Apostrophe - when a character in a literary work speaks to an object, an idea, or someone who doesn't exist as if it is a living person. This is done to produce dramatic effect and to show the importance of the object or idea.
1. Oh, rose, how sweet you smell and how bright you look!
2. Car, please get me to work today.
3. Oh, trees, how majestic you are as you throw down your golden leaves.
4. Dear love, please don't shoot me with your Cupid's bow.
Examples of Apostrophe from Literature and Song
1. Feet, don't fail me now.
2. Is this a dagger which I see before me, the handle toward my hand? Come, let me clutch thee! I have thee not, yet I see thee still! Macbeth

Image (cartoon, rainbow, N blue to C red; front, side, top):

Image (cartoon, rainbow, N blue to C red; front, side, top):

3. Out, out, damned spot. Macbeth
4. Oh, Christmas tree, oh, Christmas tree, how lovely are your branches.
5. Twinkle, twinkle, little star, how I wonder what you are.
6. Then come sweet death, and rid me of this grief. Edward II, Marlowe